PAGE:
The text by Dominic Couzens is at it’s best, concise and punchy and very easy to relate to what you are seeing in the plates. The book uses the BTO five and two letter short codes. I must admit theses are not as familiar to me as the should be as I’m terrible at actually completing surveys except for my WeBS count… yes I know, I must become a better birder and get more involved. These codes do need a bit of cross-referencing even for me but I’m starting to get there though I doubt I’d use them in the field. We birders have already got our workable short codes. One of my fellow birders on Scilly this autumn did spot a real error and in fairness the only one we could find. All birds are given the length in cm except for Common Sandpiper which comes in at a massive 60″. I’m not sure how this slipped through but I hope the production copies have this corrected.
Overall I think this book is superb and it should be on every birders Christmas list or even a treat for yourself as you buy presents this year. For the target audience this really is the book they’ve been waiting for and it is one every birder should recommend to a friend who is starting to get interested in birds. For the experienced birder, yes I know you know what a Yellow-browed Warbler looks like but there is plenty of fun to be had identifying the location of the background shot – that goes for just about every plate in the book. My personal favourite is the Mistle Thrush, with the bird shown realistically on a playing field below Bamburgh Castle, but the plate comes alive with a game going on featuring Bamburgh Castle FC… birds and football, I’m a happy man.

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Sunday Reviews

Tracks and Signs

Tracks and Signs

Tracks and Signs of the Animals and Birds of Britain and Europe

Lars-Henrik Olsen

PrincetonUniversity Press

ISBN: 9780691157535

£17.95

I have to admit that my first impressions of this book were not good. That is not to say this is in anyway a bad book but that I feel there is more that has been left out than was left in. For a start there is no introduction and no user guide as to how to get the best from the book and for beginners (I was one of those kids making plaster casts of pad marks… mostly dogs) no clue as the where and how to start looking for animal taracks and signs.

In the preface, the author suggests that birds are easily seen and that we can pretty easily observe them. Yet as a pretty confident birder I would be lost in parts of Northern and Eastern Europe if I were faced with a tree that had been used by a Woodpecker. A lot more could have been written on Woodpecker marks and comparing them to Mammal signs. I’m confident that using this guide I would be able to sort out if a Water Vole had been working a tree, so why not a White-backed Woodpecker say?

There are some lovely photographs in the book, mostly of the animals themselves and I think I would have preferred more illustrations of the tracks and signs to be honest. Admittedly there is a section at the front looking at feet/pad marks as well as sections looking a common signs on trees for example and I wonder if the book could have been laid out differently, say focussing on damage to trees or alternatively just dealing with each bird or animal separately. The current design means a lot of cross-referencing and that means I’m less likely to bother.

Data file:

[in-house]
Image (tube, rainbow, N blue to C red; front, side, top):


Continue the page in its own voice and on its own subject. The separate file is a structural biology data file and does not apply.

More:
The text is actually very good and is much more informative but I guess looking at animal tracks and signs is visual and that should feature prominently.

In summary, after a few reads I like this book more than I did but I have a real feeling that this is an opportunity missed.

Wildlife of Australia

Ian Campbell and Sam Woods

PrincetonUniversity Press

ISBN: 9780691153537

£13.95

Wildlife of Australia

Wildlife of Australia

Firstly, let’s get this right out of the way; this is not a complete guide to the wildlife of Australia. As the introduction tells us this is a guide to what a nature-loving traveller might see in the main tourist areas and National Parks.

The book starts with a quick look at the habitats and vegetation found across Australia using a colour coded map of the continent and a series of captioned photographs. The book follows the standard of captions on the left-hand pages and the photographs on the right that most of us will be familiar with. I was left somewhat puzzled as there are large areas of map shaded in light blue but I could not find that in the key. I thnk it might have been useful to have colour coded the captions and/or habitat photographs to relate to the map as well. As there is already an erratum I suspect a more thorough proof-reading would have eliminated such an error.

Each species featured get a short caption, usually with a larger one to introduce the species family, which includes the range that the species might be found in and one photograph. A small thumbnail map would have been better for me, as a casual reeder, as I am not too familiar with some of the abbreviations used. I also feel that while for the Mammals, Reptiles and Amphibians one photograph might suffice; for the birds one photograph is never enough. Less experienced birders might be confused as to take one page at random, in the Waders section Turnstone, Knot and Great Knot are all featured in breeding, or near breeding, plumage. This puts the photographs at odds with the text which has them down as primarily visiting in the Northern winter period when they would be in first-winter or non-breeding plumage. This I feel is bound to lead to some confusion and misidentification.

This book would be a fairly useful and relatively inexpensive guide if weight is a problem but for the keen birder or naturalist I’m not sure it would help you get the best from the continent.

Both books are available in eBook format.